I was chatting to my housemate about making pastry the other day and she was telling me of a Hawksmoor pie recipe that used both eggs and suet in the recipe and it dawned on me that this would be a great way to make sweet shortcrust. By making the pastry with suet it made the pastry beautifully light and more flaky than crumbly.
The concept of using two types of fat to make the pastry is not a new one, growing up the Delia Smith recipe that I used to follow for mince pies used equal amounts of butter and to make the recipe. However I have found the in using suet you get a far better distribution of fat throughout the pastry which gives it a marbled look when rolled out and it helps to turn the pies a beautiful golden brown colour during cooking.
Now to the mincemeat aspect of this pie – there is absolutely nothing wrong with using shop bought mincemeat! This is exactly what I do however I like to ‘pimp’ it up a bit by adding chopped walnuts, cranberries, glace cherries, plump sultanas and brandy. So if you have some dried fruit or nuts in you cupboard that you would work chuck it in, not only will it add to the flavour it will add to the texture of your pies. Enjoy!
Mince pies (using sweet shortcrust pastry)
Makes: 48 mini or 24 normal
Preparation time: 1.5hrs
- 1lb plain flour
- 4oz vegetable suet
- 4oz butter
- 2oz caster sugar
- ½ tsp salt
- 1 whole egg + 2 yolks
- 2-4tbsp milk
- 2 jars of mincemeat
- 1 egg (for glazing)
- 2-3 tbsp granulated white sugar
- icing sugar
- nutmeg and cinnamon
- Make the pastry: place flour, butter, suet, caster sugar and salt in a bowl, using your fingers, rub the ingredients together until it forms a fine crumb-like texture. (Note: you can make the pastry in a food processor however it won’t make it as short).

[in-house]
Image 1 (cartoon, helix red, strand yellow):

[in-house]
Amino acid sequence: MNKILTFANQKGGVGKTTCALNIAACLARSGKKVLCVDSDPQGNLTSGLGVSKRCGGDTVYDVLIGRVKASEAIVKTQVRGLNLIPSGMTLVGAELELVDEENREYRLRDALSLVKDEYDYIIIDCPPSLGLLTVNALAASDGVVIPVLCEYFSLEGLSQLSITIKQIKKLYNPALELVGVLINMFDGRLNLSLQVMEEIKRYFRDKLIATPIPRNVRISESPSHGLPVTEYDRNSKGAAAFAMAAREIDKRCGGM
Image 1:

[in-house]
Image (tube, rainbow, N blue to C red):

- Add the egg and additional yolks and start to bring the mixture together, adding the milk a little at a time until the pastry forms a ball. Wrap tightly in cling film and leave to rest in the fridge for 30 minutes – an hour. (Note: the pastry should feel fairly dry but hold together in a ball shape)
- Once the pastry has rested, in batches roll it out on a floured surface until it is roughly 2-3mm thick.
- Take two pastry cutters and cut out equal quantities of the pastry cases (the sizes that you require will vary depending on the size of your mince pie tin). Note any leftover pastry cuttings can be re-rolled, just gather them up knead back into a ball shape and then roll again.
- Place the larger circles in the bottom of your mince pie tray and then fill with mincemeat.
- Brush the bottoms of each of the pastry circles that are going to make the tops of your pies with a little milk to help seal your pies together and then delicately pinch the pastry together at the edges.
- Prick the tops of each of your pies with a skewer then, glaze each of the pies with a little egg wash, scatter over a little of the granulated sugar.
- Place in an oven at 190°C fan for 12-13 minutes, until golden brown.
- Once cooked, remove from the tin using a knife to gently life them out, and allow them to cool slightly before dusting with icing sugar a little cinnamon and grating over some fresh nutmeg and serving.
Serving suggestion: serve with clotted cream that has had the zest of an orange, 1tbsp icing sugar and the seeds from a vanilla pod stirred through it.